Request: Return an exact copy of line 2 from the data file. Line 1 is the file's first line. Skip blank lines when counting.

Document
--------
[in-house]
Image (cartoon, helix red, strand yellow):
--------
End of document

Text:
Image (cartoon, helix red, strand yellow):